Carnival. House of Anansi Press
One Good Hustle. Random House
So some whiz kid has developed an algorithm that is able to cut to the chase of news feeds. Perhaps the thing can be tweaked because “too long, did not read” is a problem that continues to vex contemporary literature. Too many publishers are pumping out the works of too many MFA graduates who too often have fallen for the dubious charms of George Saunders, Zadie Smith, David Foster Wallace, and, of course, Jonathan Franzen. Thus magic realism and hysterical realism ride high, at least until the kid’s algorithm mows them down.
But why wait when you can pick up Billy Livingston’s charming and breezy new work, One Good Hustle. Sammie is a young character forced to grow up too fast. Her father has disappeared and her mother is a con artist limping from hustle to hustle. In the opening part of the book, Marlene spirits Sammie to Vegas to run swindles on lonely gamblers looking for love. Marlene has no scruples but she has drugs that she uses to spike drinks. The problem is she doesn’t put in enough and the guy beats her silly. It falls to Sammie to get her mother back to Vancouver. Marlene begins to slide into boozy despair, Sammie runs away to a friend’s house, and thus begins the summer that changes everything.
Livingston knows she has a winner in this story and refuses to add extra weight to a ride built for speed. Sammie’s voice is lovely. She’s tough and precocious but hardly jaded. This is a book about real people living real lives, lives that are compromised by bad choices and other people trying to impose their bad choices. At a bush party, Sammie takes stock. “Jesus. All these jerks want to do is get drunk and stoned. Like Marlene. What they don’t get is, if you act like Marlene, you end up like Marlene. Fucked up and lonely and broke.” When Sammie does hustle, her heart really isn’t in it. She wants to play it straight. Security and comfort are cool enough for her.
Rawi Hage runs his own race on a bobtailed nag. Carnival is a book carrying the ballast of both magic realism and hysterical realism. That is to say, there are plenty of allegorical motifs awash in a sea of observations, digressions, and general carrying on about this that and the other thing. Through his hard-boiled narrator, a taxi-driver in some imaginary mega-city, we are told the world is a glorious, nasty chaos of noise, filth, fury, and frivolity. At times I felt like I was reading an over-caffeinated Roberto Balano on assignment in Montreal 2050. Even casual conversations are set pieces for profound apercus and existential posturing. Sure, history is full of scoundrels and dodgy rebels and Hage hits us with everything from the French in Algeria, the Portuguese in Angola, and Stokely Carmichael in Oakland. He also wants to take on Islam and its incompatibility with a modernity that is beyond the powers of an antique theology to understand or control. But if you’re going to give me a lecture, please do so through a compelling plot with believable characters moving towards some goal. Where’s the mystery? Where’s the savage detective to solve it? Very late in the book, there is a killing and detectives do show up. But this only seems a pretext for Hage to start winking at The Stranger, The Name of the Rose, and even Howard’s End. Oh that devil, postmodernism.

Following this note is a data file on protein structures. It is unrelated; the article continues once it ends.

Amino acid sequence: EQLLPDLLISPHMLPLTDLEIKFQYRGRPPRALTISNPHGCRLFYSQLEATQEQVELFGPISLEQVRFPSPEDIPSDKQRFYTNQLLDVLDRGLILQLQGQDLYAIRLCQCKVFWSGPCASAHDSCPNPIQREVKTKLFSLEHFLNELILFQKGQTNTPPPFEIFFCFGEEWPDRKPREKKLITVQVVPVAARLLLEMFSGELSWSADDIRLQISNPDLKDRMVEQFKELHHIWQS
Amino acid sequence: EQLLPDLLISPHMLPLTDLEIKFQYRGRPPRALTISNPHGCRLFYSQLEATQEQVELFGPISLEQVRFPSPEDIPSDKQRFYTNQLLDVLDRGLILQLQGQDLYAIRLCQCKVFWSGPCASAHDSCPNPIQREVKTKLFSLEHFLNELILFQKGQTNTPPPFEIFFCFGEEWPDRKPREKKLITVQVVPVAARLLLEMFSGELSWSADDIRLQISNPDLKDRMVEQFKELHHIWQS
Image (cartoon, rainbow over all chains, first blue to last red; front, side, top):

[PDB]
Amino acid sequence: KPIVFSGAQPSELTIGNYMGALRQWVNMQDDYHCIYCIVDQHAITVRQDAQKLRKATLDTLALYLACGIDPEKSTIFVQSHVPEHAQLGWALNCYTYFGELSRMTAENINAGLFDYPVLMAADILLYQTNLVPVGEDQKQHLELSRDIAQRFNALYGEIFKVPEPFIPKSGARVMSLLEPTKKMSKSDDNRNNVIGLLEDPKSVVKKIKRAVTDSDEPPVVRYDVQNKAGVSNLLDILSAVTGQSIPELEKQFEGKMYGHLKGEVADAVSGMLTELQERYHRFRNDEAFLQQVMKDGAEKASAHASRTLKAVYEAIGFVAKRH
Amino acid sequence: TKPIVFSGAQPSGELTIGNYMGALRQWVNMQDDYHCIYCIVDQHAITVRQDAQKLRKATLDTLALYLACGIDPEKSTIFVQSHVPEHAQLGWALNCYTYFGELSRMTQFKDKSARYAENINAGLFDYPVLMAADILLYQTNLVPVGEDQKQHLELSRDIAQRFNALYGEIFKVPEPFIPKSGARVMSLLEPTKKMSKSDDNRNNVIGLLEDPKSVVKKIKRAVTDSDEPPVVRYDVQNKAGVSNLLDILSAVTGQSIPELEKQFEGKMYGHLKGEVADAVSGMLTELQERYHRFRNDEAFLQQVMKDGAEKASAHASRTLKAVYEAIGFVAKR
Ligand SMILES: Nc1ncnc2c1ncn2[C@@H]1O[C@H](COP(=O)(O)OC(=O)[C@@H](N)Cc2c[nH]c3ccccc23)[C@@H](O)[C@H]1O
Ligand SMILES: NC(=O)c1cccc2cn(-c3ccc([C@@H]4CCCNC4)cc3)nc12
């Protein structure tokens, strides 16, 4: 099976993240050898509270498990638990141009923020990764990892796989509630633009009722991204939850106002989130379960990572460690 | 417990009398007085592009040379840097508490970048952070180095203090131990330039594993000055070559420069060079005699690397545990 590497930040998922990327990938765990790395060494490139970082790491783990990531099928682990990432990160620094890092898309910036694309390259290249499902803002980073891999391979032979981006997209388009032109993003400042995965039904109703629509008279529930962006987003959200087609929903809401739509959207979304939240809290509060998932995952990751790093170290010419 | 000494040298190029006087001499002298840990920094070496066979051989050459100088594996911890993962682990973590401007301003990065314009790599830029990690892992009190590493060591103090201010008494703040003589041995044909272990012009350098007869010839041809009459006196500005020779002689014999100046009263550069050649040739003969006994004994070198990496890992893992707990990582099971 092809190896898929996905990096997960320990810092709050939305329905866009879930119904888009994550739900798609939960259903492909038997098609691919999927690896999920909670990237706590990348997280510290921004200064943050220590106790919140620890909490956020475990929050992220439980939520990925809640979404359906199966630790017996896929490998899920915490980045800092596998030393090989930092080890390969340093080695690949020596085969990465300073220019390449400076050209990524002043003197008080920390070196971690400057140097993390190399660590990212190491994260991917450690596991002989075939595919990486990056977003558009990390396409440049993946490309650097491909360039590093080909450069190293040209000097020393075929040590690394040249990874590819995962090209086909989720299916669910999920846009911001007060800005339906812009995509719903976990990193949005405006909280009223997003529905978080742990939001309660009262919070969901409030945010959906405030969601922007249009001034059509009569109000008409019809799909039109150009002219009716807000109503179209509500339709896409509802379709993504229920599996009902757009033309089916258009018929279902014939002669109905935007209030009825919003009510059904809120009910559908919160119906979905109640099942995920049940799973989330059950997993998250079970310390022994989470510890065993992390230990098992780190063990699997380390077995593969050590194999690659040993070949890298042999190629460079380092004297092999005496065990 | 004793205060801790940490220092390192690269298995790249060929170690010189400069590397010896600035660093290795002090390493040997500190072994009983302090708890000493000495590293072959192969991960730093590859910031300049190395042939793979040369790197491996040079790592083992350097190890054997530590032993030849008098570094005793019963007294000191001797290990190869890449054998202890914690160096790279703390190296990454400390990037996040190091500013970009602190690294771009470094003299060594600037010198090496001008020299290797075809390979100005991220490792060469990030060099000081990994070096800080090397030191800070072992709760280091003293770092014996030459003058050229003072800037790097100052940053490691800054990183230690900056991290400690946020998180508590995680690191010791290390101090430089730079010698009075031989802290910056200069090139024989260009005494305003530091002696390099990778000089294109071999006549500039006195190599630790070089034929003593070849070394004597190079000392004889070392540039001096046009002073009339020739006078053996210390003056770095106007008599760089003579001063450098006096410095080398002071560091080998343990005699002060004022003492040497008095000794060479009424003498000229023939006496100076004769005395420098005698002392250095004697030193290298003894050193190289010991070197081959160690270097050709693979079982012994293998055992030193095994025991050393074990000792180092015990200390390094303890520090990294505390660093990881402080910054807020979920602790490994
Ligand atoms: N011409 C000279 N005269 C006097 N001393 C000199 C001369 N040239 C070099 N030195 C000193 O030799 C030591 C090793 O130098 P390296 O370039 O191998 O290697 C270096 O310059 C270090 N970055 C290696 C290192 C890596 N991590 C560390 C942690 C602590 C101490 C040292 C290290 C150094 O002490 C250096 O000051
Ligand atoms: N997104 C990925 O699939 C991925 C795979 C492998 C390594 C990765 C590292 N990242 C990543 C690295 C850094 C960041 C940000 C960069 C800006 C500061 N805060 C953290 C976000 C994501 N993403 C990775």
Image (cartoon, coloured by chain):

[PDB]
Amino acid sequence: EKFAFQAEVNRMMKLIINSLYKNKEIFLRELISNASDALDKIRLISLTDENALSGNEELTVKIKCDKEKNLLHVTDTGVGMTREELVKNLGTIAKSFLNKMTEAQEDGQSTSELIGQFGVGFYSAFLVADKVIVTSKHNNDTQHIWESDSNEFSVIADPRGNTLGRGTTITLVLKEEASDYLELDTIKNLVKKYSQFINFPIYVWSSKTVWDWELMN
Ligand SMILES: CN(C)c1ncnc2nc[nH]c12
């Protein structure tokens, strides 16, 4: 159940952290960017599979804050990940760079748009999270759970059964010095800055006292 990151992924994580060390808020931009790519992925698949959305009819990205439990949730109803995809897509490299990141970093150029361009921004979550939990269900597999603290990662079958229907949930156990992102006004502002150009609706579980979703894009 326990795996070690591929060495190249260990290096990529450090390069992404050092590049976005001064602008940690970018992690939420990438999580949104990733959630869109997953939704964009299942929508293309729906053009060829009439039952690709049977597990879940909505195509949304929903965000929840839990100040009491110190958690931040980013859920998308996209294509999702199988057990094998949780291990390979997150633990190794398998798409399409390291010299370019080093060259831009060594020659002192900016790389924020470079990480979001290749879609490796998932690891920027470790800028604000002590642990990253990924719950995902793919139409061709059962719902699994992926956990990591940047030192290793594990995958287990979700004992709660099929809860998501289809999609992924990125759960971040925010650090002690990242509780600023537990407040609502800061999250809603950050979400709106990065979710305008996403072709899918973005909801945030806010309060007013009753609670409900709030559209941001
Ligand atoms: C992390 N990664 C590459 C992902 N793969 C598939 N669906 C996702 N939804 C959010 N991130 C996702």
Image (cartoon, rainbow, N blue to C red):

If this book was half the length, it would double its impact. The best parables are the ones that say their piece quickly and leave you teasing out a truth that is maddeningly just beyond reach. Carnival could easily be a novella and much the better for it. What plot there is would come more into focus and the characters would do less blabbering and ruminating. In his debut novel, DeNiro’s Game, you had a sense that Hage would eventually get to Carnival. He has a tendency to over-write or rather to lard his sentences with pseudo-mystic import. Reality is never just reality; it is infused with deeper connections and meanings that spiral or echo into other realms—past, present, and future.
But sometimes reality itself is the best hustle.